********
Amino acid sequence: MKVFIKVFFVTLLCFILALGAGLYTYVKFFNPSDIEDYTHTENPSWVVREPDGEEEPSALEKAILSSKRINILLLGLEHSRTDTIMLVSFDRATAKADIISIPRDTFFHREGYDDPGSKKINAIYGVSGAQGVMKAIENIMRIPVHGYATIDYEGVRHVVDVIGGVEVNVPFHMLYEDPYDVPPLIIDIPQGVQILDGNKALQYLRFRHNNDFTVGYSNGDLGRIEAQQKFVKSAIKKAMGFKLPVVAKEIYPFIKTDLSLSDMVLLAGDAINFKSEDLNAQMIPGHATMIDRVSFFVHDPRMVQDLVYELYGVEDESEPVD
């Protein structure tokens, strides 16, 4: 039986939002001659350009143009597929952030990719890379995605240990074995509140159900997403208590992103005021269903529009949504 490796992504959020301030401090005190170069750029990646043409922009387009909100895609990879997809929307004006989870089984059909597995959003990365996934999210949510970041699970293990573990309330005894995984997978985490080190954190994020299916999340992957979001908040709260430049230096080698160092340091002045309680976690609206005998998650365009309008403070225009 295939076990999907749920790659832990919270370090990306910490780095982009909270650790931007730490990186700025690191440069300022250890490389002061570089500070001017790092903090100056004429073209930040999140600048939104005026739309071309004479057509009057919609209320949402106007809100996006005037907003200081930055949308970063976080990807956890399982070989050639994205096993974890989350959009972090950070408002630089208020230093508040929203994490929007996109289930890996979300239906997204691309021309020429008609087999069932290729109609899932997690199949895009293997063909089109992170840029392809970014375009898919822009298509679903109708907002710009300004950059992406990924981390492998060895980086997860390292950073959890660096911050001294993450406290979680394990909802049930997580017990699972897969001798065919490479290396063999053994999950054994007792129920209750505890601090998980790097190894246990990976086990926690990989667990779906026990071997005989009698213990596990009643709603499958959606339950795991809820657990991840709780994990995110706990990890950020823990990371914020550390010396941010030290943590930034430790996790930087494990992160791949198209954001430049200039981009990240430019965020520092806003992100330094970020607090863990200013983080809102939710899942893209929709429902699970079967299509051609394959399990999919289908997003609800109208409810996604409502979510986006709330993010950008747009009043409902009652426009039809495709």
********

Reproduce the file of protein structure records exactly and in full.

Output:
Amino acid sequence: MKVFIKVFFVTLLCFILALGAGLYTYVKFFNPSDIEDYTHTENPSWVVREPDGEEEPSALEKAILSSKRINILLLGLEHSRTDTIMLVSFDRATAKADIISIPRDTFFHREGYDDPGSKKINAIYGVSGAQGVMKAIENIMRIPVHGYATIDYEGVRHVVDVIGGVEVNVPFHMLYEDPYDVPPLIIDIPQGVQILDGNKALQYLRFRHNNDFTVGYSNGDLGRIEAQQKFVKSAIKKAMGFKLPVVAKEIYPFIKTDLSLSDMVLLAGDAINFKSEDLNAQMIPGHATMIDRVSFFVHDPRMVQDLVYELYGVEDESEPVD
């Protein structure tokens, strides 16, 4: 039986939002001659350009143009597929952030990719890379995605240990074995509140159900997403208590992103005021269903529009949504 490796992504959020301030401090005190170069750029990646043409922009387009909100895609990879997809929307004006989870089984059909597995959003990365996934999210949510970041699970293990573990309330005894995984997978985490080190954190994020299916999340992957979001908040709260430049230096080698160092340091002045309680976690609206005998998650365009309008403070225009 295939076990999907749920790659832990919270370090990306910490780095982009909270650790931007730490990186700025690191440069300022250890490389002061570089500070001017790092903090100056004429073209930040999140600048939104005026739309071309004479057509009057919609209320949402106007809100996006005037907003200081930055949308970063976080990807956890399982070989050639994205096993974890989350959009972090950070408002630089208020230093508040929203994490929007996109289930890996979300239906997204691309021309020429008609087999069932290729109609899932997690199949895009293997063909089109992170840029392809970014375009898919822009298509679903109708907002710009300004950059992406990924981390492998060895980086997860390292950073959890660096911050001294993450406290979680394990909802049930997580017990699972897969001798065919490479290396063999053994999950054994007792129920209750505890601090998980790097190894246990990976086990926690990989667990779906026990071997005989009698213990596990009643709603499958959606339950795991809820657990991840709780994990995110706990990890950020823990990371914020550390010396941010030290943590930034430790996790930087494990992160791949198209954001430049200039981009990240430019965020520092806003992100330094970020607090863990200013983080809102939710899942893209929709429902699970079967299509051609394959399990999919289908997003609800109208409810996604409502979510986006709330993010950008747009009043409902009652426009039809495709």